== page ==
Look what I found today while rummaging through the third drawer in my desk. It’s the first book my son ever wrote – as a four year-old. He’s written other things since, but this was the first. (Yeah, I know. The apple doesn’t fall far from the tree.)
I remember the day well. My son announced one morning that, like me, he wanted to be a writer and that he was going to write a book. Next thing I knew, he had planted himself at the dining room table with paper and pencil. Then he wrote and wrote. He didn’t stop until he was finished. Once he did, he didn’t let me peek. Instead he ran to our craft drawer and grabbed construction paper for the book cover. With my help, we stapled the book together. Then, and only then, did he let me read it. I needed his help the first time through, but his imagined spelling makes total sense to me now and I love how he didn’t let his lack of spelling knowledge keep him from expressing himself.
Here’s the story. I’ve translated it in the captions, but just for fun, see if you can figure it out for yourself first. Then, take a moment to think about my writerly takeaways from this authentic 4-year-old writing sample. Enjoy!
I find this writing sample especially fascinating because it reveals one four-year-old’s perspective on what makes a winning picture book. Now, inspired this find, here are five characteristics of effective picture books – as seen through the writings of a four-year-old.
TIP #1: Have an attention grabbing title. I just love W.’s title. I mean who wouldn’t want to read a tale of a dragon and a girl? For me, at least, it immediately evokes fairy tales and magic. So, here’s my takeaway. What’s the first glimpse you get of a book sitting on the shelf at the library? The spine of course. And on that spine you’ll find the title. So, using my son’s catchy title as an example, I think it’s worth considering that if want your book to stand out, a catchy title is a must.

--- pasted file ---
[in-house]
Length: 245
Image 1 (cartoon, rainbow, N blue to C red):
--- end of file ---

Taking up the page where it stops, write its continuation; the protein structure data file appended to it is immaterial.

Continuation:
TIP #2: Employ suspenseful page turns. Even at age four, W. understood the power of a page turn. He even included page numbers within his text. And if you carefully examine story, you’ll see that each page ends with a little tease – almost a cliff hanger. This, I believe, is a reflection of something he enjoyed most as young partaker of picture books – the power of a suspenseful page turn. As you analyse your own work-in-progress, be inspired by W. and take a moment to consider how well-placed page turns can enhance your story.
TIP# 3: Keep your text sparse but active. You have to admit W.’s text is pretty lean. There’s no fluff to be found. Every word he uses pushes his four-year-old story forward. In fact, his story is almost blunt in its intensity. Likewise, as we write our stories, we need to to shed every word that doesn’t push the story forward – relying on meaty verbs and vivid nouns to bring our tales to life.
TIP #4 Create conversation sparking content. You can almost sense that one of W.’s favorite parts of reading picture books as a preschooler was the conversation that each page sparked. We never just read a story through. Instead, we asked each other questions, pondered the pictures, and wondered what might happen next. W.’s text almost reads as an answer to those questions. As such, his wording is a great reminder to the picture book writer in me that I, too, want to make sure my stories open themselves to lots of interactive reading.
TIP #5 Don’t forget the conflict! Even as a four-year-old, W.’s writing reveals that he had a strong sense of one of the fundamentals to a good story. Conflict! A good story needs to have a problem that the character faces, learns from, and hopefully overcomes. Poor Annie was eaten, but we as the readers, figured out why. It’s because the dragon was hungry and hopefully, from now on, you’ll steer clear of hungry dragons. But seriously, W.’s story is a good reminder that, like dragons, children do indeed hunger for good stories with plenty of action, conflict, and excitement.
Happy writing, all!